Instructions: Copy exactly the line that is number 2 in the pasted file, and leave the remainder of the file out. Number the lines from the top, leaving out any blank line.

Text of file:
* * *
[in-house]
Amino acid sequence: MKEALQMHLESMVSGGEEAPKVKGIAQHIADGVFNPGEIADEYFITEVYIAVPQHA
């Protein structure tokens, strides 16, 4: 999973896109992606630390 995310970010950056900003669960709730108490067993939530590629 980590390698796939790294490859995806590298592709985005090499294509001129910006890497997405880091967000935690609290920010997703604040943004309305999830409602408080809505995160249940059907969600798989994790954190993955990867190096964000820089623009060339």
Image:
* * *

Amino acid sequence: MKEALQMHLESMVSGGEEAPKVKGIAQHIADGVFNPGEIADEYFITEVYIAVPQHA